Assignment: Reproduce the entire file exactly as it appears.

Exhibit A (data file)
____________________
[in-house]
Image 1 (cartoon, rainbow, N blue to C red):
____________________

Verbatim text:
[in-house]
Image 1 (cartoon, rainbow, N blue to C red):